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A Brief History of Instrumental Surf Music

By Sandy Smith Rosado, MM, MLS


What IS “surf music”? You hear it all around you but may not recognize the elements of the style that define instrumental surf rock music. This article will clue you in, and prepare you to enjoy the surf sounds of the many NESMA bands listed on this website.


The First Wave

Surf music is an early form of instrumental rock and roll, with its initial rise and fall (often called the “First Wave”) occurring between 1956 and 1964. Why 1956? Elvis Presley made his first appearance on the national scene that year, and this is usually dubbed the beginning of rock and roll. This new music was a fusion of “white” folk, hillbilly, and country music with elements from “black” music styles such as the blues, early rhythm and blues, and so-called “race” music. Elvis personified this fusion, after which black AND white musicians continued down a path to create “rock and roll” (a term in black culture signifying sex).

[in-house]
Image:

Stylistic Features

Certain stylistic features are common in surf music, although not all these features are present in all surf music. Surf music is defined here as instrumental (no singing); dance-able and aimed at youth (like all rock ‘n roll); and usually based on a standard rock band line-up of 1 or 2 electric guitars, a bass, and drums. Additional instruments may include a saxophone, keyboard, third guitar, and maybe a trumpet.  There is even a drum pattern called the “surf beat” that is very common in surf and rock tunes, with the accent on beats 2 and 4.


A number of guitar techniques have become commonly used in surf music, and are said to simulate the feel and sounds of surfing. These techniques include fast double-picking (like rushing water), often concurrent with a glissando (sliding the fingers down the fret board) – sounds like being inside the curl of a wave; a “wet” reverb sound, usually supplied by a reverb effect built into a guitar amplifier or a stand-alone reverb tank (this is kind of an echo effect – sounds like being under water); and liberal use of the “whammy” bar, which bends the pitch being played (gives a sense of wave-like movement to the pitch).